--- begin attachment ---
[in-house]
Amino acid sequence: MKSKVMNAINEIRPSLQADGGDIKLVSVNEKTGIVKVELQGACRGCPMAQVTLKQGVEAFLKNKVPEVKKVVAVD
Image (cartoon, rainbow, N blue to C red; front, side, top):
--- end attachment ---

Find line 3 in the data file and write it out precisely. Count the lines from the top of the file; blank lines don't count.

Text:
Image (cartoon, rainbow, N blue to C red; front, side, top):